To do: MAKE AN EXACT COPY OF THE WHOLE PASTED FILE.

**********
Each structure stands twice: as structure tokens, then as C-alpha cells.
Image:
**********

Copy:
Each structure stands twice: as structure tokens, then as C-alpha cells.
Image: